The Swainson’s Hawk is a medium-sized bird of prey that inhabits open country grasslands, shrub-steppes, deserts, and agricultural areas of western North America during the breeding season and winters in grassland and agricultural regions extending from Central Mexico to southern South America (England et al. 1997, Bradbury et al. in preparation). Early accounts described the Swainson’s Hawk as one of the most common raptors in California, occurring throughout much of the lowland areas of the state (Sharpe 1902).
With the conversion of native grassland foraging habitat and the loss of riparian forest and oak woodland nesting habitat, the statewide population was reduced substantially. Currently, there are an estimated 700 to 1,000 breeding pairs in the state (Swainson’s Hawk Technical Advisory Committee file data), representing less than 10 percent of the historic population (Bloom 1979).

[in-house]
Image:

The Central Valley population (between 600 and 900 breeding pairs) extends from Tehama County southward to Tulare and Kings Counties. Despite the loss of native habitats in the Central Valley, the Swainson’s Hawk appears to have adapted relatively well to certain types of agricultural patterns in areas where suitable nesting habitat remains. The optimal foraging and nesting habitat conditions in Yolo and portions of Sacramento and San Joaquin counties support the bulk of the Central Valley Swainson’s Hawk population (Estep 1989, Estep in preparation).
The Swainson’s Hawk is listed as threatened under California Endangered Species Act and is a federal species of conservation concern (USFWS 2008).
Swainson’s Hawk 1: Jim Morris
Swainson’s Hawk 2: Sharon Barker